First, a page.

Indian cities prepare for floods with predictive technology
By Deepa Padmanaban
Urban floods in India have caused fatalities, injuries, displacement, and enormous economic losses. Cities across the country are now investing in high-tech tools to better model and forecast these natural hazards.
In 2015, the metropolis of Chennai faced devastating floods responsible for the deaths of more than 500 people and displacement of more than a million more. Financial losses reached around $3 billion. The extent of the damage prompted the Indian government to approach scientists to develop a flood forecasting system for the city.
Subimal Ghosh, a professor of civil engineering at the Indian Institute of Technology Bombay, led the efforts. Chennai’s topography makes it particularly vulnerable, Ghosh said. In addition to being a coastal city, Chennai has many rivers and an upstream catchment area from which water flows when there is heavy rainfall.
Forecasting in Chennai
The city’s topography determines where inundation occurs and made the development of a flood forecasting system complex. The system had to include the hydrology of the upstream region; river, tidal, and storm surge modeling; and a high-resolution digital elevation map of the city, Ghosh said.
A consortium of scientists from 13 research institutes and government organizations worked on these separate aspects and together developed India’s first fully automated real-time flood forecasting system, launched in 2019.
“We generated 800 scenarios of flood and tide conditions,” Ghosh said. “When the model receives a weather forecast from the National Centre for Medium Range Weather Forecasting, it will search and find the closest scenario. If there is a chance of flood, the model will predict the vulnerable sites for the next 3 days.”
Sisir Kumar Dash is a scientist at the National Centre for Coastal Research (NCCR) in Chennai, which is responsible for the operation of the model. “We analyze daily rainfall data, and if there is a probability of inundation, the model is run, and alerts are sent to the state disaster management department,” he said.
Since the tool was implemented, however, Chennai has not experienced heavy rainfall, so it has not been put to a strong test.
Forecasting in Bengaluru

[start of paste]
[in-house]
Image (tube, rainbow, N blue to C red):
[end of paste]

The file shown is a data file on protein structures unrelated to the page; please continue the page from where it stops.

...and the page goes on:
Bengaluru, formerly known as Bangalore, has seen some success with its own flood forecasting system, according to scientists at the Indian Institute of Science (IISc) in Bengaluru and the Karnataka State Natural Disaster Monitoring Centre. The organizations developed the system together.
P. Mujumdar, a professor of civil engineering at IISc who led the work, said that “short-duration rainfall forecasts from various weather agencies were combined with our hydrology model (which has high-resolution digital elevation maps of the city) and information on drainage systems and lakes.”
Real-time rainfall data are obtained through a network of 100 automatic rain gauges and 25 water level sensors set up on storm water drains at various flood-vulnerable areas across Bengaluru. The model, however, is unable to make reliable predictions if the rainfall is sudden and didn’t appear in the forecast, Mujumdar added.
Raj Bhagat Palanichamy is a senior manager at the Sustainable Cities initiative of the World Resources Institute who was not involved in flood forecasting in Chennai or Bengaluru. He had a sober view of the projects. “A good model is not about the tech or visualization that come with it,” he said. Instead, it’s “about the ability to help in the decisionmaking process, which hasn’t been successfully demonstrated in India.”
Shubha Avinash, scientific officer at the Karnataka State Natural Disaster Monitoring Centre, said the forecasting model was still an effective tool: “The forecast model has served as a better decision support system for administrative authorities in disaster preparedness, postflood recovery, and response actions in heavy rain events faced by the city in recent years.” Avinash oversees the operation of the Bengaluru flood model.
Avinash added that the alerts help city officials take timely, location-specific action. For instance, the city power company (Bangalore Electricity Supply Company Limited, or BESCOM) makes use of the wind speed and direction forecasts to ascertain which areas would have a probability of fallen electric lines and shuts down power supply to ensure safety.
The tool also has a mobile application, Bengaluru Megha Sandesha (BMS), which can be accessed by officials and residents for real-time information of rainfall and flooding.
Mujumdar added that “short-duration, high-intensity floods are increasing in Indian cities and happen very quickly (within 15–20 minutes) due to climate change and urbanization. Similar models should be developed for all cities.”
Last year, India’s Ministry of Earth Sciences developed a flood warning system, iFLOWS-Mumbai, for Mumbai, which is likely to be operational this year.
“Cities need to have a proper road map,” Bhagat said, “with not just the model as the target but an integrated response plan (both short term and long term). It should start with the creation and seamless sharing of related data in the public domain.”